Black History Month: The PCOS issue

Emilie's picture

There seems to be conflicting opinions on whether or not Polycystic Ovarian Syndrome (PCOS) is actually more common in Black women or not. I have seen some reference that it may be 8% in African-American women vs 4.8% in Caucasian women, but I have also read that there is no difference. Regardless of whether it is more prevalent or not, symptoms do manifest differently, so I feel it is worth mentioning.

If you haven’t already read it, here is the rest of the Black history month series:
#1 B.H.M: The infertility issue

#2. B.H.M: The period pain issue (fibroids and more)

#4 B.H.M: The supplement issue

 

What is PCOS?: PCOS is usually diagnosed when a women has 2 of the following 3 signs:

  • Irregular, or no menstruation (caused by a failure to ovulate regularly, or to ovulate at all)
  • Excessive male hormones, which can lead to increased male pattern hair growth on the body (hirsutism), male pattern hair loss on the head, and acne.
  • Polycystic ovaries seen on an ultrasound
  • PCOS is also connected to insulin resistance and Type 2 diabetes, stubborn or increased abdominal weight gain, chronic inflammation, long term birth control pill use, and environmental factors like diet and hormone disrupting products. 

So how PCOS differs for Black women?:

  • There is an increased risk of metabolic syndrome and cardiovascular disease in Black women with PCOS. Symptoms include, an increase amount of abdominal fat, increased blood sugar, elevated blood pressure, high triglycerides and low HDL cholesterol. These symptoms increase your risk of type 2 diabetes, stroke and heart attacks.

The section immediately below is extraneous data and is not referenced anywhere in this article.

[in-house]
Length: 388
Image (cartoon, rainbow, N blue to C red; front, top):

• There is a higher likelihood of developing male pattern hair growth. 
  • There are lower success rates for IVF (I have read this referencing African-American women, but am having difficulty finding the Canadian data.) 

What you can do:

1. Diet: Adopt a low glycemic diet. Pack your diet full of green leafy vegetables, healthy fats, fish and decrease your starches, soy, dairy, processed foods and sugars. Here is more on my top foods to eat and avoid.
And a link to the Acubalance fertility diet section on PCOS

2. Exercise. Get your heartrate up for 30 minutes 6 days a week. Try to incorporate both carido and large muscle strength training (think squats, lunges, planks and push ups). It may seem like a lot, but adding exercise can be the key to ovulating regularly.

3. Supplements:

  • Vit D: Vitamin D is key for improving fertility in PCOS patients. It improves insulin resistance and reduces androgen levels, and adequate levels have been associated with better pregnancy outcomes.
  • NAC: N-acetyl Cysteine reduces insulin levels and increases insulin sensitivity. It is also great at reducing inflammation.

 4. Acupuncture: In studies, acupuncture has shown to be able to regulate ovulation, reduce BMI and improve hip to waist ratios in overweight women with PCOS. 

infertility PCOS black history month